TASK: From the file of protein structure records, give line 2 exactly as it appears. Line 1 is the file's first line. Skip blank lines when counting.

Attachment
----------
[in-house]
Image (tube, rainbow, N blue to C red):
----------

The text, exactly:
Image (tube, rainbow, N blue to C red):